Who can be on a Team? There is no constraint on organizational affiliations of the team members and full flexibility in team membership. We envision some teams with multiple (or even all) members from the same utility, perhaps taking advantage of the Challenge to build better inter-departmental ties. Steering Committee members and judges may not be part of a team. 

Can an individual participate on more than one Team? An individual can be on multiple teams. 

Can teams add members? Teams may freely add members up to the challenge plan submission deadline. Between the challenge plan submission deadline and the time of the first check-in, the team must request permission to add members by transmitting a written request to the Steering Committee that includes an explanation of the reasons for the request; the Steering Committee will approve or deny the request within one week. Priority should be given to those who already registered but not matched to any team yet. 

How can a utility or team keep its intellectual property confidential? The IWS Challenge is not responsible for protecting Teams' intellectual property rights. If confidential aspects of a proprietary technology or software are presented as part of a Team's solution, it is the Team's responsibility to indicate this in their submittal and to request appropriate non-disclosure agreements (NDAs) from Steering Committee members and judges. Similarly, if a utility does not wish its data to be shared beyond the IWS Challenge Teams working with that data, the utility is responsible for requesting similar agreements from Team members. A model NDA form is available from the Steering Committee.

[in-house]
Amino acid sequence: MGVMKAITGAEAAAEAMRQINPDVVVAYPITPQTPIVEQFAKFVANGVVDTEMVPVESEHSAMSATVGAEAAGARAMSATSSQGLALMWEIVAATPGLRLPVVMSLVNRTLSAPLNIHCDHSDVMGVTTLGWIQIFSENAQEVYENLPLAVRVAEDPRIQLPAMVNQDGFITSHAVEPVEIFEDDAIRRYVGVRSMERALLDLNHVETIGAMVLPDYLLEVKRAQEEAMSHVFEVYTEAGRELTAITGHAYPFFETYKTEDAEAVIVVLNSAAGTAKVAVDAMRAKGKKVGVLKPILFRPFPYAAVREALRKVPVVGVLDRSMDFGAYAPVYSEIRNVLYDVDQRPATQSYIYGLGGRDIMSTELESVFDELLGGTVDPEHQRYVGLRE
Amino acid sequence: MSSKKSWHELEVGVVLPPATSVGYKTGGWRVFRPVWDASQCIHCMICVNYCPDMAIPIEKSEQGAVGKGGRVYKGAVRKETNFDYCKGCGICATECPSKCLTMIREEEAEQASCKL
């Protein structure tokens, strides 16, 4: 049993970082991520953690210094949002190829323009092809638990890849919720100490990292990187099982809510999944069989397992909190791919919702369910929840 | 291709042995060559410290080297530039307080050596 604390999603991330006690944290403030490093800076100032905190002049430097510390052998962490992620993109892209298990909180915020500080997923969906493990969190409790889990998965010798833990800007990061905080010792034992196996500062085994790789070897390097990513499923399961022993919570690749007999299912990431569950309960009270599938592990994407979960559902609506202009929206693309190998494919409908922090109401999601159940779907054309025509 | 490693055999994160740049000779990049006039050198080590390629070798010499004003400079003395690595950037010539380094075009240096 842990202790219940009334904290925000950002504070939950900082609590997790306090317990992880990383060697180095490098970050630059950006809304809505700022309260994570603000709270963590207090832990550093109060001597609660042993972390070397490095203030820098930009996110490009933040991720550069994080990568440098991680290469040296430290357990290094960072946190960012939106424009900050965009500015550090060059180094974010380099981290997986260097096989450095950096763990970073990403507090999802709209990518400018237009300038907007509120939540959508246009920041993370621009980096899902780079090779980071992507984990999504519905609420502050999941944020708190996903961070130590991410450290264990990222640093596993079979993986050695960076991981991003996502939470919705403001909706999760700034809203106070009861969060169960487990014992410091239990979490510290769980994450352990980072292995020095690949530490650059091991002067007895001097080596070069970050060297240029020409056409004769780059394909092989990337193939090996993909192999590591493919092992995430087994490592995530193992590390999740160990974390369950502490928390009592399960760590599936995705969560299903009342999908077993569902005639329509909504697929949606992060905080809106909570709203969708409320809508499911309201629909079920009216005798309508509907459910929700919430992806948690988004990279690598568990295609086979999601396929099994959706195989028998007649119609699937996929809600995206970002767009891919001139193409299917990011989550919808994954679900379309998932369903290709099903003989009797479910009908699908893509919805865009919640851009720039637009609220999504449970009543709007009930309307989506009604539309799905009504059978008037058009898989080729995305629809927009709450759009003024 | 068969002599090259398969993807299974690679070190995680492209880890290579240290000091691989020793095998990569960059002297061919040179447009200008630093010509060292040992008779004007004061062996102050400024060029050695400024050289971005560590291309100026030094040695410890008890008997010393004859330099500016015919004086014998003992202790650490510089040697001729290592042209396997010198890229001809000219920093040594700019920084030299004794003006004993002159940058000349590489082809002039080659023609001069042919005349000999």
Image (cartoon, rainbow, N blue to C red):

What can I do if I have a great solution already in place? Problems with previously completed solutions are not eligible for prize consideration, but may be submitted for recognition as advancing the concept of Intelligent Water Systems. Recognition may include opportunities to showcase the completed solution during the planned IWS Challenge educational activities, and acknowledgement at the IWS Challenge finals at WEFTEC 2020. 

What should I do if I have a neat Need and am already working towards a solution? Opportunities and problems with solutions already begun are eligible for prize consideration, but the submittal must clearly describe previously accomplished work, including existing IWS components.

Can proprietary technology be used in a solution? Proprietary technology (i.e. custom analytics tools, as contrasted with open-source software) can be used in a solution. The Challenge criteria are intended to give judges flexibility in evaluating the value of a solution; for example, a portable and scalable solution implemented with proprietary tools may provide an alternative contribution worthy of consideration.